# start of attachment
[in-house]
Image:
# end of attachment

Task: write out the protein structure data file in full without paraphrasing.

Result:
[in-house]
Image: